“I grew up in Roosevelt, NJ, a small borough with fewer than 1,000 residents. Several members of my family served in the military, including my Grandfather, who told me stories about World War II in Germany. My Uncle volunteered to serve in Vietnam, and my older brother joined the Air Force, and their stories inspired me to join as well.”


“After graduating from high school, I worked at my Uncle’s diesel mechanics shop for a year. The mechanical skills I learned built a foundation for the rest of my career. I initially tried to enlist in the Air Force, but I have a slight hearing impairment and they declined my application. However, the recruiter for the Navy followed me out of the recruiting center and convinced me to join.”


“After enrolling in 1993, I went to the Naval Station Great Lakes to complete basic training near North Chicago, in Lake County, Illinois. Fortunately, my brother told me everything about transitioning to military life, and I found it a smooth experience. I started as an Apprentice, where you build skills based on basic aviation maintenance and cleaning. It was an enjoyable experience, as I was drawn to engines and the power plant division.”


“After training, I served at Naval Air Facility Atsugi in Japan on the USS Independence. My first time serving abroad was a cultural shock. Slowly, I adjusted to my new lifestyle and enjoyed visiting Okinawa and Iwo Jima.”


“In 1995, I served in Operation Southern Watch, the enforcement of a ban on Iraqi warplanes and helicopters. I worked on the flight deck of the USS Independence, that relieved the USS Kennedy. It was an intense experience, we were constantly on target and had jets ready to fly. We never had to defend ourselves, but the tension was thick 24/7. Serving in that campaign made me proud, but I was relieved to return to Japan.”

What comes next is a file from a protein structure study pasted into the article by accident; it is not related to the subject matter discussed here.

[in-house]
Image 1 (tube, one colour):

“I continued to serve on the USS Independence and was often on the sea for months at a time. Our battle group was forward deployed, meaning that in a moment’s notice, we were prepared to go out to sea. I worked on maintaining the 514 Tomcat Aircrafts (same as the one in Top Gun).”


“I retired from the Navy in 1997 and moved back to New Jersey. Unlike my transition to military life, becoming a civilian was hard. First thing I had to do was find a job. Fortunately, my military experience gave me an advantage, and I found work as a mechanic at a methane power plant.”


“For other veterans struggling to return to civilian life, I would advise them not to be ashamed to ask for help. Talking to other veterans helps with the transition progress, you learn that you are not alone.”


“In 2011, a recruiter contacted me about joining PRIDE Industries at their JB-MDL (Joint Base McGuire-Dix-Lakehurst) Integrated Facilities Management contract. I already had a well-paying job, but PRIDE’s mission of expanding job opportunities for people with disabilities convinced me to join, as this is a cause that’s personally important to me. I was hired as a Small Engine Mechanic and now work as a Small Engine Lead. My coworkers and working on a military base are the best part of my job; they make it all meaningful.”


“Outside of work, I have been a volunteer firefighter and EMT for over ten years with the Roosevelt Volunteer Fire department, which also serves as the town’s police department, traffic control, and public works. We might only get 30 calls a year – but we are always ready. When I first joined, there were only four members. We’ve had ups and downs over the years, but eventually we got up to 18 members.”


“As a military veteran, I am proud to support my country and community.”

“For other veterans struggling to return to civilian life, I would advise them not to be ashamed to ask for help. ”

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